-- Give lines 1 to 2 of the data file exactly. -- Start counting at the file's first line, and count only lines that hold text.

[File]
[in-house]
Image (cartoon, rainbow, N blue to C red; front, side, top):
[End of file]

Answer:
[in-house]
Image (cartoon, rainbow, N blue to C red; front, side, top):